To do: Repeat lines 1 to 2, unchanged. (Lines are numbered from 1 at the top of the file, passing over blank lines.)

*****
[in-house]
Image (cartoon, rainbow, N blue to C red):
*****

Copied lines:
[in-house]
Image (cartoon, rainbow, N blue to C red):